Bow: Why Cody Dock is determined to raise funds for next phase of its visitors centre

Gasworks Dock Partnership sets target of £250k plus VAT to complete transformational project

GDP CEO Simon Myers at Cody Dock
GDP CEO Simon Myers at Cody Dock – image Matt Grayson

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Cody Dock has been in a constant state of evolution since the Gasworks Dock Partnership (GDP) began its regeneration project there a decade ago.

Its rolling bridge scheme, an important piece of the puzzle that will ultimately enable the re-flooding and reopening of the dock itself, is due to start construction next year. Huge improvements seem tantalisingly close. 

Structured as a social enterprise, GDP has accomplished the remarkable clearance of the dock and site, both piled high with rubbish, rubble and industrial waste through the tireless labour and commitment of thousands of volunteers. 

Each of these participants has given their time and energy in pursuit of improving the site on the banks of the Lea to provide a lasting, sustainable legacy for both Newham residents and visitors to the area.

As work to repair the dock’s brickwork and to remove the polluted silt that’s built up over the years continues apace, permanent washblock and toilet facilities are set to arrive in the coming months to better service volunteers’ needs and allow the area to become a base for watersports alongside its burgeoning community of studio-based craftspeople.

But it’s the planned visitors centre that will really become the heart of the site.

This structure is set to be built in two phases and will, when completely finished, contain a multi-purpose hall, an information point, a shop, a dining space, a cafe and a kitchen.

With funding already secured from Veolia Environmental Trust for the first section, which will house the hall, fundraising for £250,000 has now begun in earnest to see the centre completed.

An artist’s impression of the Rolling Bridge

“The second phase will really be the engine for Cody Dock,” said Simon Myers, GDP CEO since its creation.

“It’s central to our plans as it will support activities in the main venue space and includes a large canteen and a home for a community cafe.

“The hall itself will have a capacity of about 150 seated but it’s multi-purpose, so it can be used as an intimate venue for theatre, for live performance or as a gallery or function space.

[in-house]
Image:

“It’s a single storey building but is triple height at the back, with a roof that’s perfectly angled for solar panels and we’ve just received funding from the Heritage Lottery Fund to install them to make the centre operationally carbon neutral.

“The reason phase two is important is that we have armies of volunteers here every day, so the canteen will give them protection from the elements when they’re having their lunch.

“It will be a place where people meet, whether they are tenants from our maker studios on-site, volunteers or just people who are visiting.

“Having that communal, social space is where conversations happen between people who don’t know each other. It will unlock the potential of the community that lives, works and visits here quite significantly.

“There will also be a reception area that will act as a staffed information point. We’re located halfway down The Line sculpture trail, so we have a lot of walkers coming through. We’re hoping this space will act as a visitor space for the Lea, especially the tidal section of the river, and it will be where a lot of our ecology activities take place.”

An artist’s impression of the new visitors centre

The second phase is also crucial in making Cody Dock financially sustainable in the longer term as it seeks to develop income streams that will fund its upkeep and ongoing operations.

“From the financial point of view, it’s what makes the venue – hopefully – self-sustaining, and that’s our goal,” said Simon.

“We have a five-year plan, which we’re nearly two years into, to make the whole Cody Dock project self-sustaining so that we’re not reliant on having to fundraise.

“We have always set ourselves up to be a social enterprise with that goal and the venue will be funded by the income from the cafe itself.

“The other thing about the building is, while there will be a wall between the two phases, we’ll be able to fold that back to open the space right up, all the way through to the cafe.

“It’s also creating jobs as there will be a reception position and space for a shop, which will be another income stream for us.”

For more information or to contact GDP about donating to the second phase of the visitors centre, go to codydock.org.uk

  • With a host of things to do and see there’s always a good reason to visit Cody Dock.

The latest is the arrival of the Story Of Water exhibition on November 25 featuring sculptural pieces made by pupils from seven local schools in response to humanity’s impact on the environment.

The project saw the schools partner with counterparts in Ghana with the aim of improving the curriculum in both countries and enriching children’s education.

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